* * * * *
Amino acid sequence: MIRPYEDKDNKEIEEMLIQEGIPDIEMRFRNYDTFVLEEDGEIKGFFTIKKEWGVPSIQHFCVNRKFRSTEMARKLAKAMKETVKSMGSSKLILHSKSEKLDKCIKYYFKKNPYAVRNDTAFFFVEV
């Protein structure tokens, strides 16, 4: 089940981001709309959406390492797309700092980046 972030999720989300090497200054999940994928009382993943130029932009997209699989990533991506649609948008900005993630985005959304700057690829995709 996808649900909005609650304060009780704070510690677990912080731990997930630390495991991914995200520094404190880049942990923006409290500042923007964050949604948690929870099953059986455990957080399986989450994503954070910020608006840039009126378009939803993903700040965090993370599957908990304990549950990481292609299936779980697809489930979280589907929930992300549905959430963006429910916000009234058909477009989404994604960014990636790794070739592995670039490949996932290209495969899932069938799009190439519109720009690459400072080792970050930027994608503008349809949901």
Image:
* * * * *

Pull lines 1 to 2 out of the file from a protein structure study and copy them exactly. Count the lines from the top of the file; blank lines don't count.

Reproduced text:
Amino acid sequence: MIRPYEDKDNKEIEEMLIQEGIPDIEMRFRNYDTFVLEEDGEIKGFFTIKKEWGVPSIQHFCVNRKFRSTEMARKLAKAMKETVKSMGSSKLILHSKSEKLDKCIKYYFKKNPYAVRNDTAFFFVEV
């Protein structure tokens, strides 16, 4: 089940981001709309959406390492797309700092980046 972030999720989300090497200054999940994928009382993943130029932009997209699989990533991506649609948008900005993630985005959304700057690829995709 996808649900909005609650304060009780704070510690677990912080731990997930630390495991991914995200520094404190880049942990923006409290500042923007964050949604948690929870099953059986455990957080399986989450994503954070910020608006840039009126378009939803993903700040965090993370599957908990304990549950990481292609299936779980697809489930979280589907929930992300549905959430963006429910916000009234058909477009989404994604960014990636790794070739592995670039490949996932290209495969899932069938799009190439519109720009690459400072080792970050930027994608503008349809949901």